The horror genre is in trouble. Sure, it’s a genre that’s been suffering for some time now, but this year has been especially bad when you look at what has been released so far. With critical flops like Anabelle and Ouija still managing to do well at the box office, it can be pretty disheartening for a horror fan who just wants to see one good horror movie this year. Sadly, it seems like that’s not going to happen, but that doesn’t mean you have to go out and see a movie about an ugly doll and a haunted board game.
When thinking about the most iconic horror films, your mind tends to trail back to the 1970s and 1980s. It was during these decades that the horror genre was at its most experimental, and offered some of the most disturbing and well written horror movies of all time. The films of that time tended to have one thing in common, and that was the horror of your own body rebelling against you. Body-horror is a sub-genre that got under the skin of viewers because of how disturbing it could possibly get. There was no annoying shaky cam or ghosts randomly slamming doors. No, the genre relied on the paranoia and the horror of your body becoming something completely alien to you. So, in an effort to showcase the best of the body-horror sub-genre, you can find several films below that you might enjoy.
“I admire its purity.”
Easily one of the scariest films ever made, Alien is a cinematic achievement that was able to prove that the stuff of nightmares was nothing compared to the alien creature that stalked the crew of the Nostromo. Directed by Ridley Scott, Alien played on every person’s fear of body horror, including rape, sex and pregnancy. The creature itself was a horrific parody of sex and childbirth. When the crew of the Nostromo landed on LV-426, they found something they didn’t really understand, and after making a list minute decision, they unknowingly brought that something back with them.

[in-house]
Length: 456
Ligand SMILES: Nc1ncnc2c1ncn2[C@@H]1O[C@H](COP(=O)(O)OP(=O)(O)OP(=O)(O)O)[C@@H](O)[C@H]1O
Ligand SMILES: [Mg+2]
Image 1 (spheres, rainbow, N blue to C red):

Alien is filled with so many great moments, but the dinner scene in particular is as horrific as it is iconic. John Hurt’s “birthing” of the creature left everyone in shock, and the horror didn’t stop there. The Alien was always hidden in shadow, and blended in perfectly with the black, rusted walls of the Nostromo. Every time the creature arrived, it violently killed anything in its wake. The film was also put a new spin on haunted house movies. Instead of a group of dimwitted people seemingly unable to get of the house, the crew of the Nostromo had nowhere to go other than the unlivable environment of space. They were effectively trapped at the mercy of the Alien. if you need to watch one horror movie tonight, make Alien be that one. If you’re unable to, you have my sympathies.